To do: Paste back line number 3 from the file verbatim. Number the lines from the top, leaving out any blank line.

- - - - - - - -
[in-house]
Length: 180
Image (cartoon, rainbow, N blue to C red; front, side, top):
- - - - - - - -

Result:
Image (cartoon, rainbow, N blue to C red; front, side, top):